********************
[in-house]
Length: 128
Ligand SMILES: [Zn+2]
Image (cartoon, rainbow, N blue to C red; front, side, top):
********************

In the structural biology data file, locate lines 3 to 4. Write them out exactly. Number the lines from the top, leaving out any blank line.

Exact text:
Ligand SMILES: [Zn+2]
Image (cartoon, rainbow, N blue to C red; front, side, top):